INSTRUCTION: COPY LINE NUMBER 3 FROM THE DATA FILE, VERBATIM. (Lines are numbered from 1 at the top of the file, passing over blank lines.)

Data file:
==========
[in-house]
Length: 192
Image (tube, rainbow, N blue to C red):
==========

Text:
Image (tube, rainbow, N blue to C red):